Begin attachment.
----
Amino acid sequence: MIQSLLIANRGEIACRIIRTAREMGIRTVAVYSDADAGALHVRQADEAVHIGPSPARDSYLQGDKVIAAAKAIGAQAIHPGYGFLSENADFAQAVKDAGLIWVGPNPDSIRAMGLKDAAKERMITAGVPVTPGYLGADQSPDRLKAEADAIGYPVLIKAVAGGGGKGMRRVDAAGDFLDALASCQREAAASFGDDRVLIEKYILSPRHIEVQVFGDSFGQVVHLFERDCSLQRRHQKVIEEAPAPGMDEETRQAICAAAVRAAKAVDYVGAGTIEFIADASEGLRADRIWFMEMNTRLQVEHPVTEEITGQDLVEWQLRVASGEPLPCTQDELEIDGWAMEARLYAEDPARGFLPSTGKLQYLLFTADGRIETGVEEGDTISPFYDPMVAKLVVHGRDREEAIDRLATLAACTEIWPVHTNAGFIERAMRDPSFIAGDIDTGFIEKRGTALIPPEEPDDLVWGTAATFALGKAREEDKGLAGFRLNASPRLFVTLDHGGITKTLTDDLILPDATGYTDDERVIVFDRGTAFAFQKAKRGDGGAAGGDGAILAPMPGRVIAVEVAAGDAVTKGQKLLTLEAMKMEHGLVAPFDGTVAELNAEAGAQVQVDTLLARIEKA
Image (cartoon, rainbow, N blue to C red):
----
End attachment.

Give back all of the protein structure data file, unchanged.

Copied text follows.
Amino acid sequence: MIQSLLIANRGEIACRIIRTAREMGIRTVAVYSDADAGALHVRQADEAVHIGPSPARDSYLQGDKVIAAAKAIGAQAIHPGYGFLSENADFAQAVKDAGLIWVGPNPDSIRAMGLKDAAKERMITAGVPVTPGYLGADQSPDRLKAEADAIGYPVLIKAVAGGGGKGMRRVDAAGDFLDALASCQREAAASFGDDRVLIEKYILSPRHIEVQVFGDSFGQVVHLFERDCSLQRRHQKVIEEAPAPGMDEETRQAICAAAVRAAKAVDYVGAGTIEFIADASEGLRADRIWFMEMNTRLQVEHPVTEEITGQDLVEWQLRVASGEPLPCTQDELEIDGWAMEARLYAEDPARGFLPSTGKLQYLLFTADGRIETGVEEGDTISPFYDPMVAKLVVHGRDREEAIDRLATLAACTEIWPVHTNAGFIERAMRDPSFIAGDIDTGFIEKRGTALIPPEEPDDLVWGTAATFALGKAREEDKGLAGFRLNASPRLFVTLDHGGITKTLTDDLILPDATGYTDDERVIVFDRGTAFAFQKAKRGDGGAAGGDGAILAPMPGRVIAVEVAAGDAVTKGQKLLTLEAMKMEHGLVAPFDGTVAELNAEAGAQVQVDTLLARIEKA
Image (cartoon, rainbow, N blue to C red):